This could be anything from promoting a discount in your business, sharing a personal experience on social media, or even expressing an opinion on a controversial topic.

Column 2: Perceived Responsibility

Next, for each situation, you identify the Perceived Responsibility. This is where you articulate what you’re worried about.

For example: You’re concerned that someone might be upset they paid more for a product before a discount was offered. Or perhaps you’re worried about reminding someone of a bad experience through your personal story.

Column 3: Worse Case Result

Then, consider the Worst Case Result. What’s the most challenging outcome you can realistically foresee? Someone might express dissatisfaction or ask for a refund, or maybe they react negatively to a personal story you’ve shared.

Column 4: Proactive Response Plan

The final column is the Proactive Response Plan. Here, you brainstorm how you could handle these worst-case scenarios.

For instance, if someone’s upset about a discount they missed, you could offer them additional value as a goodwill gesture. Or, if someone reacts negatively to a personal story, you could respond with empathy, while also reaffirming the value your experience could offer to others.

This is going to help give you a clearer understanding of your concerns and a practical plan to address them, which can significantly reduce anxiety and increase your confidence in handling these situations.

Another great practice that can help you let go of the instances in our past, is to do forgiveness work. Do this by reflecting on the memory then say a mantra such as “I forgive those who hurt me, and allow myself to move on.”

What are You Responsible For?

While you can’t control how others receive your message, you are responsible for its delivery.

1. Effective Communication

This means ensuring that you communicate your truth effectively and thoughtfully. It’s about more than just what you say; it’s about how you say it.

2. Doing Your Research

Also, research is essential, especially when discussing complex or sensitive topics. Doing research and preparation is not only great for confidence but also ensures that your communication is informed and reliable. This doesn’t mean you need to be an expert on every subject, but having a solid foundation can make a significant difference in how your message is perceived. Backing up your opinions with facts or explaining how you came to your conclusion helps solidify your message.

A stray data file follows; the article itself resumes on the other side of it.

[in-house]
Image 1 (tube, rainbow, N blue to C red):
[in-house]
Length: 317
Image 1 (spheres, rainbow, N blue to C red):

3. Communicating Your Truth

You’re also responsible for communicating your truth. This is about being authentic and genuine in your expression.

Your audience can often tell if you’re not being sincere, so it’s vital that your words align with your beliefs and values. This authenticity is what makes your message resonate more deeply with others.

4. The Tone and Language Use

Your tone and the words you choose also play a crucial role. They can either invite engagement or create barriers.

Be mindful of how your language might be interpreted and strive to be clear, respectful, and empathetic. This doesn’t mean diluting your message but presenting it in a way that’s considerate and accessible.

5. Being Open and Flexible

Being open and flexible is another important aspect. Communication is a two-way street. Be accepting of feedback, different perspectives, and the possibility of evolving your own views. This openness not only enriches the conversation but also demonstrates a willingness to grow and learn.

6. Thinking Critically

Lastly, critical thinking is key. It’s important to question your assumptions, challenge your biases, and consider multiple viewpoints. This approach not only strengthens your arguments but also shows that you’ve thoughtfully considered various aspects of the issue at hand.

Let Go of Responsibility That Is Not Yours

Remember, this journey towards self-expression is not about neglecting our empathy but about ensuring it doesn’t lead us to lose parts of ourselves in the process. 

Through understanding the root causes and implementing practical strategies, we can begin to establish healthy boundaries and communicate more authentically.

For more insights, check out my book “Stop Self-Silencing”, and if you want support from me to help you on your visibility journey as an impact maker or coach, join my mini-membership The Visibility Lab.